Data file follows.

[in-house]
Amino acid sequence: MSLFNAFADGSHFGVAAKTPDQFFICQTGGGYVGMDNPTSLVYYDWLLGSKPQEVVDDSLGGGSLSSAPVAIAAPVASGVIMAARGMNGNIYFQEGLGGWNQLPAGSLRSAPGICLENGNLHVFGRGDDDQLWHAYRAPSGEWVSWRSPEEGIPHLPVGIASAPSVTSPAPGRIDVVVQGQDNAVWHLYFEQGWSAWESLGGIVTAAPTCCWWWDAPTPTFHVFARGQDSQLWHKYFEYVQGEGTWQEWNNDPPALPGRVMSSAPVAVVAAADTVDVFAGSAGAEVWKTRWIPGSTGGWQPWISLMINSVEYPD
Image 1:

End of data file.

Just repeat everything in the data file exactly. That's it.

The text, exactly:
[in-house]
Amino acid sequence: MSLFNAFADGSHFGVAAKTPDQFFICQTGGGYVGMDNPTSLVYYDWLLGSKPQEVVDDSLGGGSLSSAPVAIAAPVASGVIMAARGMNGNIYFQEGLGGWNQLPAGSLRSAPGICLENGNLHVFGRGDDDQLWHAYRAPSGEWVSWRSPEEGIPHLPVGIASAPSVTSPAPGRIDVVVQGQDNAVWHLYFEQGWSAWESLGGIVTAAPTCCWWWDAPTPTFHVFARGQDSQLWHKYFEYVQGEGTWQEWNNDPPALPGRVMSSAPVAVVAAADTVDVFAGSAGAEVWKTRWIPGSTGGWQPWISLMINSVEYPD
Image 1: